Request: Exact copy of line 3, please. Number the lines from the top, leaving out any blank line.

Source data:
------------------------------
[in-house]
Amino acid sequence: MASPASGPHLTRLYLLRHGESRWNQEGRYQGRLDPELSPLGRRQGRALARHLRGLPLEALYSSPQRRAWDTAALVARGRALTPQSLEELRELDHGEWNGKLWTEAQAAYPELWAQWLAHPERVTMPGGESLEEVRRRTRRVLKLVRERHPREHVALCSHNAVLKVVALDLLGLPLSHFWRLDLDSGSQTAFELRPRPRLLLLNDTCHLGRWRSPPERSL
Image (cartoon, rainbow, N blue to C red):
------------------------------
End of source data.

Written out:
Image (cartoon, rainbow, N blue to C red):